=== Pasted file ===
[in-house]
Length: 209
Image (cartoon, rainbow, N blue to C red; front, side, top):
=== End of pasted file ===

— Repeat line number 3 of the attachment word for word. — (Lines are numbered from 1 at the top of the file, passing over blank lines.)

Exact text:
Image (cartoon, rainbow, N blue to C red; front, side, top):